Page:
UNESCO held workshop on freedom of expression at 5th IGF meeting in Vilnius

The Changing Legal and Regulatory Ecology Shaping the Internet” at the 5th Internet Governance Forum (IGF) meeting in Vilnius, Lithuania, on 14 September 2010. "Freedom of expression on Internet remains a main concern for the international community," said the participants during a workshop organized by UNESCO on 14 September 2010 and chaired by Mr Jānis Kārkliņš, UNESCO's Assistant Director-General for Communication and Information.

The workshop was introduced by the launch of the report, entitled “Freedom of Connection – Freedom of Expression: The Changing Legal and Regulatory Ecology Shaping the Internet”.

This research is supported by UNESCO within the framework of the World Summit on the Information Society (WSIS) and as part of its activities related to Internet governance. 

The authors, Prof. William Dutton and Dr Victoria Nash from the Oxford Internet Institute, gave a slide presentation to more than 50 participants representing Member States, private sector and civil society. Prof. Dutton pointed out that freedom of expression is not an inevitable outcome of technological innovations. It is not an isolated issue but should be understood within a larger ecology of policy and regulations.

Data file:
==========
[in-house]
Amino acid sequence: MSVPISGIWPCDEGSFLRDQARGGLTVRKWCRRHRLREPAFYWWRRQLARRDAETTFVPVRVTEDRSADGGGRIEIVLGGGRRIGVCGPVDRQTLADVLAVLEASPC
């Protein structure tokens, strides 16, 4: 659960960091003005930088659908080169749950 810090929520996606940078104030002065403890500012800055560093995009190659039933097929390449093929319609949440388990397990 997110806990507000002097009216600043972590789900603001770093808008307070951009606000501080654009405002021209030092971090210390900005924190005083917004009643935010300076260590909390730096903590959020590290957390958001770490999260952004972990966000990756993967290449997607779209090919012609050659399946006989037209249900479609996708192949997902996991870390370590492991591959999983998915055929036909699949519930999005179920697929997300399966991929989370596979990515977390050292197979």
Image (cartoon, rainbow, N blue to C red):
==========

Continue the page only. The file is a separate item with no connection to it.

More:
The study shows that with growing access to information in cyberspace there is a raise of censorship and filtering, which is done not only by governmental organizations, but also by private companies, having diverse goals and values. In this regard, Dr Nash analyzed various policy approaches, including industrial policy and regulation, such as copyright, user-centric approach related to child protection policy, fraud, defamation and hate speech, net-centric policy linking to internationalization of domain names and security policy in terms of its relation to privacy and freedom of expression. 

The report was commented by Dr Yaman Akdenix from the Istanbul Bilgi University, Turkey, and Mr Alan Davidson, Director of Public Policy for the Americas, Google. A wide range of issues were also raised from the audience, including digital right, filtering and blocking, child protection, the role of intermediates and their liabilities. 

Participants agreed that there is a need to continue tracking an expanded range of policies and regulatory issues of the Internet, and explore the relationships between freedom of expression and other key values and rights. More efforts need to be made in order to promote wider citizens' involvement and corporate responsibility in Internet governance. Representatives of the Internet industry and Member States should work together to ensure transparency, promote a multistakeholder approach and protect freedom of expression as a fundamental human right.

 

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